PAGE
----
Located next to the bobbing boats of a marina, Kingston's Clam Bar serves up fresh air alongside its fresh seafood. Red umbrellas shade a row of tables outside along the pier, and French doors admit sea breezes into the dining room. There, servers crisscross the red brick floor with morsels on casual, plastic plates, such as a lobster roll stuffed with lemon-mayo dressing and tender chilled meat.
From their command center behind the open sushi bar, Umi Sushi’s skilled chefs champion fresh, authentic Japanese fare by sculpting vibrantly hued rolls and umami-packed entrees. These culinary gurus scuttle about the kitchen decorating sleek white plates with traditional morsels infused with inventive flavors such as honey wasabi sauce and pink soy seaweed. Artistically composed platefuls of fresh fish and bowls of steaming noodles arrive before guests perched on modern wooden benches in the dining room. When warmer weather rolls in, Umi Sushi’s outdoor brick patio beckons eaters to sun on its stone benches as their chopsticks click through the kitchen’s masterpieces.
Wild Ginger’s crew draws upon culinary traditions from Japan, Thailand, and China as the chefs slice burdock root, shiitake mushrooms, and lemongrass. In the bustling kitchen, they decorate colorful eats with tobiko and curlicues of honey-infused wasabi. Steam trickles from bowls of noodles and tempura-battered lobster. Servers whisk the newly minted dishes out to the yellow, orange, and green dining room, delivering them to tables of guests and cartoon silverware seeking a night away from the demands of constant singing.
Long Island's Hana Japanese Restaurant dishes out sushi, teriyaki, and other Asian cuisine beneath the glow of lantern-like hanging lamps. Within the moss-green walls of the dining room, diners feast on maki rolls and sashimi feasts; exposed wooden rafters recall the restrained aesthetics of traditional Japanese architecture. Korean dishes such as bulgogi and bibimbap round out the dinner menu, and diners can cap off meals with fried or regular ice cream in flavors such as green tea or ginger.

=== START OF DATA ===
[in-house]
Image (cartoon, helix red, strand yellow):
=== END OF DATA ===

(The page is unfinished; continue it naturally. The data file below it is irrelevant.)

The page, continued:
When owners, Robert Beer and Tom Lam, opened Nisen Woodbury, they set out to seamlessly combine sushi and traditional fine dining into one stylish package. So for the upscale menu, their chefs craft specialty rolls such as the Scottish goat, filled with ginger salmon, goat cheese, roasted Portobello, and jalapeño salsa, and cook high-quality meats, such as organic chicken and Kobe-style beef, to perfection. And regardless of whether it’s served hot or cold, the food that emerges from the restaurant’s kitchen is artfully presented. This fits with Nisen Woodbury’s interior décor, which features warm mood lighting and tables set beneath lofty, arched ceilings that draw hip crowds of discerning fine diners.
To characterize Ginza as swanky is a bit of an understatement. In the expansive dining room plush chairs and candlelit tables rest beneath high ceilings, from which thin, golden chains drape beneath studio lighting. Amid Japanese statues and photomurals of pedestrians, the wait staff ferries platefuls of creations made at the sushi bar and the kitchen, including one of 19 specialty rolls or grilled filet mignon. In the lounge, bartenders pour eight signature cocktails, sake flights, or wines from various countries such as California, France, Italy, and Japan.